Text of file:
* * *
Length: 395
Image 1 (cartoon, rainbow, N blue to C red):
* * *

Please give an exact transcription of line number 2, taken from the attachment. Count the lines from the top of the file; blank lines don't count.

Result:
Image 1 (cartoon, rainbow, N blue to C red):